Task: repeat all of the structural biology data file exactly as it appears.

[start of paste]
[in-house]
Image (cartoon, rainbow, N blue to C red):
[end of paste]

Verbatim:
[in-house]
Image (cartoon, rainbow, N blue to C red):